Tuesday, May 4, 2010

The presenter's ego

Sometimes in my workshops, I'll ask for a member of the audience to join me up front so we can remake a draft message together, with the goal of helping everyone learn that process together. Most of these volunteers are cooperative and willing to get feedback. But recently, in a group of scientists learning how to reframe technical research topics into messages suitable for non-scientists, I ran into a volunteer whose ego got in the way--literally.

"What's your topic?" I asked in front of the crowd.

"Ego," he said.  The group included scientists from many disciplines, but I didn't think I had a research psychologist in the group. "Is that an acronym?"

"No--it's about me, my ego as a presenter," he said, and began to reel off message points about his ego, why he needed it to be strong to be a presenter and why he also needed to keep it in check.

At this point, we were way off topic, and I knew this was an attempt to get attention--he was a climate scientist, and this wasn't about his research.  So after a short acknowledgement that you need a good balance between confidence and humility, I asked him to stand down so that others who wanted to work on the workshop's stated goals could do so.  Later, during the lunch break, a handful of participants came up to me, one by one, to thank me for keeping him from dominating the proceedings--apparently, he's known for grabbing the spotlight in this way.

Here's the conundrum for speakers:  Some would-be speakers lack the confidence to speak at all, some have learned the skills and motivation they need to do so, and yet a third group puts ego front and center, dominating the proceedings.  You've seen this if you've ever heard a speaker use up all the time allotted, go overboard with negative statements, argue back with every questioner, or announce that he's very likely going to go over the time limit because he has so many important things to say.  I've seen big-ego speakers come to panel discussions with bios four times as long as the other participants, or insisting that they get to show three videos in addition to their five-minute talk, when the other speakers are stickinig to the limits.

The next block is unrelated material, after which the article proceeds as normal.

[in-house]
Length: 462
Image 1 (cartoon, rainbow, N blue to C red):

I often say there are two kinds of clients--those who need to be pushed toward the microphone and those who need to be pulled away from it. There's not much a trainer can do with the latter, unless that speaker is willing to change. Often, speakers with big egos don't seek training, as they don't wish to be challenged.

The downside lies with the audience (which rarely likes to get taken off-topic in such a way) and with other speakers who lack confidence, who may be discouraged or even actually bullied into silence by such a dominant speaker. Those of us who chair, facilitate or moderate panels, meetings and presentations need to stay alert and manage situations before they get out of hand and affect the rest of the audience or the other speakers.  If you work with such a person, a good guide to setting boundaries is Why Is It Always About You? : The Seven Deadly Sins of Narcissism, a practical guide that will help you learn to spot the big-ego presenter early on.

What do you think about speakers whose egos are on display? Where do you strike the balance between confident and over-confident?

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